Jane Eyre


Charlotte Brontë

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Jane Eyre Study Guide

Welcome to the LitCharts study guide on Charlotte Brontë's Jane Eyre. Created by the original team behind SparkNotes, LitCharts are the world's best literature guides.

Brief Biography of Charlotte Brontë

Charlotte Brontë's father was a rural clergyman. She lost her mother when she was five years old. Brontë's two older sisters—Maria and Elizabeth—died from an illness that they likely contracted at their harsh boarding school. Though outwardly plain, Brontë had an active imaginative life, writing stories of an elaborate fantasy world called Angria. Brontë's first of four novels—Jane Eyre—was immediately and widely popular, and brought her into London literary circles. Her sisters Emily and Anne were also successful novelists. After losing all of her siblings to illness, Brontë married a clergyman she respected, but did not love. She died at 38 of complications during her first pregnancy.
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Historical Context of Jane Eyre

The Victorian period brought sweeping changes across British society, and writers like Brontë explored its crises and progress. Abroad, the British expanded into a global empire that brought wealth from colonies. With the Industrial Revolution at home, manufacturing became Britain's economic backbone. As the middle class found lucrative opportunities, a new laboring class struggled for wages, job security, and adequate working and living conditions. Jane Eyre includes themes of reforms that emerged from the crisis: better political representation, working conditions, and education. Few of these reforms came immediately for women, who had limited status in Victorian society. As Jane strives for economic and personal independence, she touches on the issues of class, economics, and gender roles that affected Victorian Britain at large.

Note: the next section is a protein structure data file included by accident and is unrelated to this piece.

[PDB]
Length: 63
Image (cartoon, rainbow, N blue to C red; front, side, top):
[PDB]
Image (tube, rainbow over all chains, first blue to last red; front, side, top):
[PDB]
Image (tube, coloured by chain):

Other Books Related to Jane Eyre

The most popular literary form in the Victorian period was the novel, and Jane Eyre illustrates many of its defining characteristics: social relevance, plain style, and the narrative of an individual's inner thoughts. Jane Eyre is indebted to earlier Gothic novels, with its mysteries, supernatural events, and picturesque scenery. But as Jane matures, her autobiography likewise takes on Victorian themes and characteristics. Jane Eyre is a Bildungsroman, or a coming-of-age story, in which the protagonist's aspirations are set against the pressures and expectations of society. Victorian novels, including Jane Eyre, depict social panoramas with characters representing different economic and social classes, as well as gender differences. Brontë uses Jane's marriage as a metaphor for resolving England's political issues. Victorian novels with similar styles and goals include Charles Dickens' semi-autobiographical coming-of-age story, David Copperfield (1849-50), and Elizabeth Gaskell's Mary Barton (1848) and North and South (1855).
Key Facts about Jane Eyre
  • Full Title: Jane Eyre: An Autobiography
  • When Written: 1847
  • Literary Period: Victorian
  • Genre: Victorian novel. Jane Eyre combines Gothic mystery, a romantic marriage plot, and a coming-of-age story.
  • Setting: Northern England in the early 1800s.
  • Climax: Jane telepathically hears Rochester's voice calling out to her.
  • Point of View: First person. Jane recounts her story ten years after its ending.

Extra Credit for Jane Eyre

Bells and Brontës: The Brontës became a literary powerhouse when Charlotte, Emily, and Anne all wrote successful first novels. Each sister published under a masculine-sounding pseudonym based on their initials. Charlotte Brontë became "Currer Bell"; Emily Brontë wrote Wuthering Heights (1845-46) as "Ellis Bell", and Anne Brontë published Agnes Gray (1847) as "Acton Bell." Women could enter the marketplace as writers and novelists, but many writers, including the Brontës and Mary Anne Evans ("George Eliot"), used male pseudonyms to keep from being dismissed as unimportant.